The Sacred Cluster

There are seven such core values, to my mind, that imprint Conservative Judaism with a principled receptivity to modernity balanced by a deep reverence for tradition. Whereas other movements in modern Judaism rest on a single tenet, such as the autonomy of the individual or the inclusiveness of God’s revelation at Sinai (Torah mi-Sinai), Conservative Judaism manifests a kaleidoscopic cluster of discrete and unprioritized core values. Conceptually they fall into two sets – three national and three religious – which are grounded and joined to each other by the overarching presence of God,who represents the seventh and ultimate core value. The dual nature of Judaism as polity and piety, a world religion that never transcended its national origins, is unified by God. In sum, a total of seven core values corresponding to the most basic number in Judaism’s construction of reality.

The Centrality of Modern Israel
Hebrew: The Irreplaceable Language of Jewish Expression
Devotion to the Ideal of Klal Yisrael
The Defining Role of Torah in the Reshaping of Judaism
The Study of Torah
The Governance of Jewish Life by Halakha
Belief in God

The Centrality of Modern Israel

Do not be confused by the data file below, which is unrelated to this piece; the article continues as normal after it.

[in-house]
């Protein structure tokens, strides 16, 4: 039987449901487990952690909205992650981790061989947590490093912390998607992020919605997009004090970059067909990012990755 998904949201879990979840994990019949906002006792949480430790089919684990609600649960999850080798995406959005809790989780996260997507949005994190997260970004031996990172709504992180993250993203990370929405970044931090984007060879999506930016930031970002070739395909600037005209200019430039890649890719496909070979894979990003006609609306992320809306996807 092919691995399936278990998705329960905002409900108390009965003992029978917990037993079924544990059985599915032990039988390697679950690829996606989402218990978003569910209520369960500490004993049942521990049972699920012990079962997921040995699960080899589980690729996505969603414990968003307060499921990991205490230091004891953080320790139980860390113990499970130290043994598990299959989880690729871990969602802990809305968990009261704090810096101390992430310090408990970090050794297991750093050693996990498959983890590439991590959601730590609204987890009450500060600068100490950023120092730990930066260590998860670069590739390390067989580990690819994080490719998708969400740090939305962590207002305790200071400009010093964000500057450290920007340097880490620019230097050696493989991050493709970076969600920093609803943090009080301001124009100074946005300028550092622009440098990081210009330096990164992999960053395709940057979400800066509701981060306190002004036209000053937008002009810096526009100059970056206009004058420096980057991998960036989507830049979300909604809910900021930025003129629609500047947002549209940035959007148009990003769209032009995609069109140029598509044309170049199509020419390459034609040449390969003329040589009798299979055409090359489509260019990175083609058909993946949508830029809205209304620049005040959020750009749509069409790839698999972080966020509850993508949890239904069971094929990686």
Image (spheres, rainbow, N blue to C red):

For Conservative Jews, as for their ancestors, Israel is not only the birthplace of the Jewish people, but also its final destiny. Sacred texts, historical experience and liturgical memory have conspired to make it for them, in the words of Ezekiel, “the most desirable of all lands (20:6).” Its welfare is never out of mind. Conservative Jews are the backbone of Federation leadership in North America and the major source of its annual campaign. They visit Israel, send their children over a summer or for a year and support financially every one of its worthy institutions.(1) Israeli accomplishments on the battlefield and in the laboratory, in literature and politics, fill them with pride. Their life is a dialectic between homeland and exile. No matter how prosperous or assimilated, they betray an existential angst about anti-Semitism that denies them a complete sense of at-homeness anywhere in the diaspora.

Hebrew: The Irreplaceable Language of Jewish Expression